Disney-Fox deal wins antitrust approval; Comcast considers bidding higher

Disney and Comcast are looking to use Fox assets to bolster their content, expand overseas and fend off the threat from Netflix and other streaming upstarts.
(Mark Lennihan / Associated Press)

Walt Disney Co., in a major coup, secured U.S. Justice Department approval for its proposed $71.3-billion purchase of 21st Century Fox’s entertainment assets after agreeing to sell 22 local sports channels, including Prime Ticket and Fox Sports West in Los Angeles.

The Justice Department’s speedy approval Wednesday of Disney’s proposed takeover of much of Fox deals a crushing blow to Comcast Corp., which has been struggling in its bid to buy the same businesses. Fox Chairman Rupert Murdoch has twice rebuffed Comcast, citing concerns that the Philadelphia internet service and cable TV giant might fail to win regulatory approval.

The decision brings Disney much closer to winning its prize. Acquiring the Fox assets has been a major priority for Disney CEO Bob Iger as he positions the Burbank entertainment company for the digital age.


Comcast had offered $35 a share for the Fox assets but last week Disney raised its bid to $38 a share — an increase of $10 a share from its December proposal. The Fox board accepted the higher Disney offer, but Fox shareholders still must weigh in.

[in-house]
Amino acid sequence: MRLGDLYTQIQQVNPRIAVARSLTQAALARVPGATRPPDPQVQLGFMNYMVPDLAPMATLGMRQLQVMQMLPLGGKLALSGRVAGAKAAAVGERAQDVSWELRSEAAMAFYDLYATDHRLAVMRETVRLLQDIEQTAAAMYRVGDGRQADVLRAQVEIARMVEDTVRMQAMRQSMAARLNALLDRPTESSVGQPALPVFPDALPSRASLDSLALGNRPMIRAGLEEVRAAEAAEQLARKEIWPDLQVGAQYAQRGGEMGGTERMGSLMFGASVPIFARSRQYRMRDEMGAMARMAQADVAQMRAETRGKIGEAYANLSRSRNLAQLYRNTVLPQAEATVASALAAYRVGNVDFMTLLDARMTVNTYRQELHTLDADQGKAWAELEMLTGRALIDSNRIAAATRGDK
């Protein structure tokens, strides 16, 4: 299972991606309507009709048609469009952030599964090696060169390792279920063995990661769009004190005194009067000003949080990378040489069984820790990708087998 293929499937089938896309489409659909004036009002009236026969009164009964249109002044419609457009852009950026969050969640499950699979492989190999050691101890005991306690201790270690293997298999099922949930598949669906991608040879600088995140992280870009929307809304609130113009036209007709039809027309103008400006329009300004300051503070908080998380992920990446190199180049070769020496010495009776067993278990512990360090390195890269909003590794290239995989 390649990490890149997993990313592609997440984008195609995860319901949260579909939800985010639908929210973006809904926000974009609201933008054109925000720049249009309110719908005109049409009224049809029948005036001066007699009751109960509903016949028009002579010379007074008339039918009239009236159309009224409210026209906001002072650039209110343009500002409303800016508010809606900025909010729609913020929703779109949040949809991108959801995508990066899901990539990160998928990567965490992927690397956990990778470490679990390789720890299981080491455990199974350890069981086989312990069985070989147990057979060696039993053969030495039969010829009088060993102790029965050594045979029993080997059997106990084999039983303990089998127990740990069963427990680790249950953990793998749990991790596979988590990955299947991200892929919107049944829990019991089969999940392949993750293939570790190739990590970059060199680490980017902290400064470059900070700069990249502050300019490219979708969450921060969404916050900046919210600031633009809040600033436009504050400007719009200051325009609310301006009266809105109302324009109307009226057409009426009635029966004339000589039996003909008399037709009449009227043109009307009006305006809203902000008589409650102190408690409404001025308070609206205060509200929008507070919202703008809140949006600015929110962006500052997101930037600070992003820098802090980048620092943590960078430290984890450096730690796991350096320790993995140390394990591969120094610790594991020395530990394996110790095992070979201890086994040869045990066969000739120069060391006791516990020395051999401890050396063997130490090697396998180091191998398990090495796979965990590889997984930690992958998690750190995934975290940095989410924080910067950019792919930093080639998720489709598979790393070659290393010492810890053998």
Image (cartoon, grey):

“Disney obviously wanted to get through regulatory review quickly because this puts them in a much stronger position against Comcast,” said Mark S. Ostrau, an attorney who specializes in antitrust law at Mountain View, Calif., firm Fenwick & West.

Disney and Comcast are competing to buy Fox’s prolific movie and television studios, cable channels FX and National Geographic, its stake in Hulu and valuable international TV assets in Europe, India and Latin America. Both companies view the Fox businesses as key to expanding globally and competing against such tech giants as Google and Netflix. (Fox’s broadcast network and news and sports channels are not part of the sale).

Disney had a head start. Iger had been courting Murdoch for months — acquisition talks began last summer over wine at Murdoch’s vineyard above Bel-Air and heated up over the next few months. Fox agreed to sell to Disney in December and Disney applied for regulatory approval Feb. 1.

“We are pleased that the DOJ concluded that … the transaction will not harm competition, and that we were able to resolve the limited potential concerns to position us to move forward with this exciting opportunity,” Disney said in a statement.

Now, Comcast Chief Executive Brian Roberts faces an even steeper uphill climb for Fox. Roberts has been confident his company would secure regulatory approval, but he can no longer argue that Disney might have a problem.


“Fox may say, ‘in our business judgment, a bird in the hand is worth two in the bush,’ ” said George Hay, a Cornell Law School antitrust professor. “There are enough issues with the Comcast bid where Fox can respectfully say to the shareholders, we don’t think it’s in our interest to delay for a slightly higher offer.”

A Comcast representative declined to comment.

The Wall Street Journal reported that Comcast was trying to find outside financing, perhaps from private equity firms, so that it could offer as much as $90 billion for the Fox assets.

Comcast could face further blowback from shareholders if it chooses to increase its bid. Comcast stock has dropped nearly 20% this year.

“It’s certainly not good news for Comcast, but the dance is not yet over,” Ostrau said. “Comcast definitely has to raise the bid because they have to be a compelling alternative even with the additional regulatory risk factored in.”